Although compensation for federal trust mismanagement and repatriation of ancestral remains represent important victories, land claims and treaty rights are most central to Indigenous peoples' fight for reparations in the United States. The case of the great Sioux Nation exemplifies the persistence among Indigenous nations and Communities to protect their sovereignty and cultures. The Sioux have never accepted the validity of the U.S. confiscation of Paha Sapa, the Black Hills. Mount Rushmore is controversial among Native Americans because it is located in the Black Hills. Members of the American Indian Movement led occupations of the monument beginning in 1971. Return of the Black Hills was the major Sioux demand in the 1973 occupation of Wounded Knee. Due to a decade of intense protests and occupations by the Sioux, on July 23, 1980, in United States v. Sioux Nation of Indians, the U.S. Supreme Court ruled that the Black Hills had been taken illegally and that remuneration equal to the initial offering price plus interest—nearly $106 million—be paid. The Sioux refused the award and continued to demand return of the Black Hills. The money remained in an interest-bearing account, which by 2010, amounted to more than $757 million. The Sioux believe that accepting the money would validate the U.S. theft of their most sacred land. The Sioux Nation’s determination to repatriate the Black Hills attracted renewed media attention in 2011. A segment of the PBS NewsHour titled “For Great Sioux Nation, Black Hills Can’t Be Bought for $1.3 Billion” aired on Aug. 24, 2011. The reporter described a Sioux reservation as one of the most difficult places in which to live in the United States:
Few people in the Western Hemisphere have shorter life expectancies. Males, on average, live to just 48 years old, females to 52. Almost half of all people above the age of 40 have diabetes. And the economic realities are even worse. Unemployment rates are consistently above 80 percent. In Shannon County, inside the Pine Ridge Reservation, half the children live in poverty, and the average income is $8,000 a year. But there are funds available, a federal pot now worth more than a billion dollars. That sits here in the U.S. Treasury Department waiting to be collected by nine Sioux tribes. The money stems from a 1980 Supreme Court ruling that set aside $105 million to compensate the Sioux for the taking of the Black Hills in 1877, an isolated mountain range rich in minerals that stretched from South Dakota to Wyoming. The only problem: The Sioux never wanted the money because the land was never for sale.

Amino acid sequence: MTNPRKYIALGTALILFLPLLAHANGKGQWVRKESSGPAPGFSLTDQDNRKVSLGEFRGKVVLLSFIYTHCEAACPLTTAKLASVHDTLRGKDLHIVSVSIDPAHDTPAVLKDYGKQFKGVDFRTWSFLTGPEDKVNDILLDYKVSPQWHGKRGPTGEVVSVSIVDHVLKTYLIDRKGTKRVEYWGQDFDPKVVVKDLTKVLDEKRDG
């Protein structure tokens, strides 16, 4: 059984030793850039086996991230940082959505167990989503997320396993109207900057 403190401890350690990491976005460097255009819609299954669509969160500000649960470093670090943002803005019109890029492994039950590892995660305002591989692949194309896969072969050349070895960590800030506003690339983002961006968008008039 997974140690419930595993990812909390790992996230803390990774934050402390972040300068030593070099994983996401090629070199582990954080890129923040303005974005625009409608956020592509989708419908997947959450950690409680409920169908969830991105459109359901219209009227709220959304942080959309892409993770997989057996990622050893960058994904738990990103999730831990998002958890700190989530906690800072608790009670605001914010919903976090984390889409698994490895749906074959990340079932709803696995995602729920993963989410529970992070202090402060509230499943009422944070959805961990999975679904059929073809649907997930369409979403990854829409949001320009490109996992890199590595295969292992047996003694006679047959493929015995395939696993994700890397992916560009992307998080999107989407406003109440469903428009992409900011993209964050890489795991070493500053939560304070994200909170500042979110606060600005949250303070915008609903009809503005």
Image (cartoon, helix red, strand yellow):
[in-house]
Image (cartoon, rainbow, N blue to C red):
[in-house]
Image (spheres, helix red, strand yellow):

That one of the most impoverished communities in the Americas would refuse a billion dollars demonstrates the relevance and significance of the land to the Sioux, not as an economic resource but as a relationship between people and place, a profound feature of the resilience of the Indigenous peoples of the Americas.
Excerpted from An Indigenous Peoples’ History of the United States by Roxanne Dunbar-Ortiz (Beacon Press, 2015). Reprinted with permission from Beacon Press.
On Melrose Avenue in Los Angeles, California, artists Aaron Huey and Shepherd Farley designed a mural to draw attention to ongoing violations of the Fort Laramie treaties—agreements between the U.S. government and Lakota people signed in 1851 and 1868. (Photo: Eric Becker / obeygiant.com)
Roxanne Dunbar-Ortiz grew up in rural Oklahoma, the daughter of a tenant farmer and part-Indian mother. She has been active in the international Indigenous movement for more than four decades and is known for her lifelong commitment to national and international social justice issues. After receiving her PhD in history at the University of California at Los Angeles, she taught in the newly established Native American Studies Program at California State University, Hayward, and helped found the Departments of Ethnic Studies and Women’s Studies. Her 1977 book The Great Sioux Nation was the fundamental document at the first international conference on Indigenous peoples of the Americas, held at the United Nations’ headquarters in Geneva. Dunbar-Ortiz is the author or editor of seven other books, including Roots of Resistance: A History of Land Tenure in New Mexico. She lives in San Francisco.